Farm Ireland
Independent.ie

Saturday 29 April 2017

Incorporation is the way to save on buying land

Mark Doyle

Farmland continues to buck the national trend in property, with values stabilising if not actually beginning to creep up on the back of stronger farm incomes.

The expansionary era heralded by the Food Harvest 2020 report has many farmers looking at expanding their farm enterprise by buying land. These fall into two categories: farmers with access to bank funding and those with cash reserves built up from trading or land sales during the good times.

In many cases, the purchase of land is not solely driven by its inherent profit potential. This is especially the case for farmers with cash reserves who view land as a store of value and a safe haven asset in times of economic turmoil.

For farmers who are borrowing, it's a completely different story. The average price paid for farmland in 2010 was about €9,000/ac. A farmer buying land should calculate the expected profit per acre, factor in the cost of servicing debt and tax liabilities, and weigh the potential profits against the prospects of repaying the debt drawdown to buy the land. All factors should be considered.

For example, will a bigger farm mean that profits on existing farmland increase?

Interest rates on debt are attractive after being cut to stimulate growth. This is unlikely to always be the case and projections should take into account the prospect of interest rates rising in the long-term.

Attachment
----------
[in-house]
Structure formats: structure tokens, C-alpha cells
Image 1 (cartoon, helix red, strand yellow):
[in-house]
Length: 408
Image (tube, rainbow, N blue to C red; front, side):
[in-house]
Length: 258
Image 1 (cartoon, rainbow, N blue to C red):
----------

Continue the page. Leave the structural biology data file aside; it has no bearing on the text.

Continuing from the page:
The income tax cost of financing debt on land acquisitions is prohibitive. To repay €1m of capital will require around €2m of income before tax, assuming the farmer is paying a higher rate of income tax.

Flexibility

Farmers wanting farmland should consider buying and farming the land through a company. Most farmers with a degree of flexibility in their personal affairs have, at some stage, considered the incorporation of a part of, or all of, their business. Broadly, there are significant tax savings to be realised where it is possible to use profits accumulated by a company to pay down debt. This is due to the gap between the rate of corporate tax (12.5pc) and income tax (up to 50pc). Clearly this represents a big saving and is worth considering.

An example of debt financing is in the table (above).

This clearly shows that where a farmer is thinking of buying land, they should consider creating an incorporated company through which the land is bought. There is reluctance among some farmers to hold land via a company. One of the issues that is regularly raised is that if the land is ever sold on, the proceeds remain within the company. This could result in a double tax charge since the company would be liable for tax on any profit made on the sale.

In addition, the farmer would also be liable for tax on any of the proceeds of the sale that they attempt to extract from the company. However, holding land through a company is becoming increasingly common as farmers start adopting the practices of other commercial sectors.

Mark Doyle is a tax director with Grant Thornton

Indo Farming



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